It’s a joy for me—on the eve of the annual Global Spa & Wellness Summit in Marrakech, Morocco—to share insights from my recent interview with Susie Ellis, president of SpaFinder Wellness, and Chairman/CEO of the Summit.
As Susie answered my question about where her journey of leading wellness began, I realized I was talking to a true catalyst in the industry—a person who had, from some of her earliest memories, been passionate about what it means to live well and had turned that deep passion into a marvelous legacy of guiding the spa industry to advance the wellness movement globally.
So it’s not surprising that Susie has a strong “leading wellbeing” ethic in her own life: “For me it means being a role model, embracing wellbeing myself—living that kind of lifestyle,” she says. “When I think about wellbeing or wellness I think about the combination of health and happiness.It’s not just about health—physical, mental, spiritual—but also about being vibrant and joyful.”
She learned the fundamentals of good health from the start. Her mother, a Physical Education teacher, reinforced healthy habits at home—good nutrition and physical activity—that fuel Susie’s vitality still today. And in her college years at Illinois State University, Susie was part of the still-famous Gamma Phi Circus as a gymnast, a role that combined physical health and aesthetics. She put this combination to work when she kicked off her career at the prestigious The Golden Door spa. “It was a very motivating time because I could see people come in exhausted on Sunday and leave a week later looking like totally different people. And I thought, Something is working here. And the amazing thing was it worked for everybody.” It wasn’t just exercise, nutrition, massages, and facials, she said, “it was also an aspect of community, of interaction among guests—there was a spiritual and nature aspect. It really was transformational.”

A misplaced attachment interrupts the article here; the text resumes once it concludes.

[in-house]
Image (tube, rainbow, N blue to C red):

Since that early job decades ago, Susie has been thinking about the future of wellness, and working in every aspect of the wellbeing-improvement business. It was a pleasure to talk to her about how she sees the spa industry uniquely serving these emerging wellness trends:
TREND #1: STRESS REDUCTION
As the spa business has grown to include the terms wellness and wellbeing, it’s also expanded the services offered and why people go. “Spas are no longer just about pampering and indulgences,” Susie says. “The No. 1 reason that people go to spas is to relieve stress, a problem that is skyrocketing worldwide. That’s why we say today that it’s not so much about wanting to go to a spa, but about needing to go.”
Because spas focus on body, mind, and spirit, they are well-positioned to equip people with the resilience, mindfulness, and coping mechanisms for reducing stress themselves, she says. As more research shows the benefits of spa and wellness services, there will be more markers for stress and ways to measure it—and more respect for services that can reduce it, she believes.
TREND #2: ILLNESS AND DISEASE PREVENTION